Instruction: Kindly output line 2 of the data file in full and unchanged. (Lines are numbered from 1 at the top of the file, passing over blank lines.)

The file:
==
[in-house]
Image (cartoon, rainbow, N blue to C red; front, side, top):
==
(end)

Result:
Image (cartoon, rainbow, N blue to C red; front, side, top):